Finding the right gift for a child with learning problems can be a challenge. It can also be an opportunity to build a child’s self-esteem and provide her with hours of fun.

One key to selecting presents is to think about the whole child — her struggles, skills, strengths, and interests. Another key is learning what toys, books, software, and other gift items are available.

How can you match the gift to the child? Consider the following tips, and you’re bound to find a gift that’s engaging, rewarding, and fun.

The value of play

Play and the pursuit of hobbies can help a child:

  • build on her skills and talents
  • learn new information
  • reinforce new skills
  • use her imagination and express herself creatively
  • explore special interests and the world around her
  • find structure for social interactions
  • boost her overall health and well-being

Method of learning

Every child has a preferred method of learning — visual, spatial, physical, auditory, musical. Kids are naturally drawn to toys, hobbies, and games that use their strengths.

Consider a child’s favorite method of learning when choosing a gift. Terrell, age 6, learns math best by using blocks and other objects to count and group. Because he’s a spatial learner, he might enjoy playing checkers or building with Lego blocks.

Learning difficulties

Giving gifts that help kids address their learning difficulties is a great idea. Just be sure the toy or other item:

  • Is geared to current skill level. For a child with poor hand-eye coordination, trying to assemble a 500-piece jigsaw puzzle and failing might only deflate her self-esteem. She’ll succeed if you start with a simple puzzle and offer more difficult puzzles as she experiences mastery and self-motivation.
  • Uses strengths to improve areas of weakness. Consider 7-year-old Amy, who struggles with phonics skills but is a whiz at playing hand-held electronic games. A great gift for her might be a self-checking, electronic phonics game that rewards each correct answer with sound and flashing lights.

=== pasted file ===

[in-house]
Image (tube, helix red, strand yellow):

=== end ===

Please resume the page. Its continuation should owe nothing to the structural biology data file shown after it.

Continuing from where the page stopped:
• Plays to interests while addressing needs. Maria is a fourth-grader who struggles with reading but is fascinated by maps and geography. An electronic “talking” globe would help her read the names of countries and landmarks. Better yet, talking globes often tell kids interesting facts about different regions of the world, satisfying their desire to learn.

Finally, look for toys, games, or software that let a child adjust the speed, sound, and difficulty levels to her own comfort level. As with any child, you’ll want to choose items appropriate for her age group.

Social preferences

Some kids with learning problems also struggle with social interactions. How can you find a gift to match their preferences and interests?

  • Steven likes to spend his free time playing alone. Because he enjoys the computer, he might appreciate an interactive software program that engages him and gives him a break from other kids.
  • On weekends Alison likes to relax and watch movies with a trusted friend. She’d probably appreciate a gift certificate to the local video store or Netflix.
  • Martin is outgoing and competitive but needs to learn how to be a better team player. For him, a noncompetitive board game might be a better choice than a winner-takes-all game.

Gifts that keep on giving

Your thoughtfulness in selecting a gift for a child with learning difficulties will enrich her life now and in the future. In the short term, your gift will provide her with hours of fun and a sense of success. And the self-confidence she experiences today is something she can carry into the future.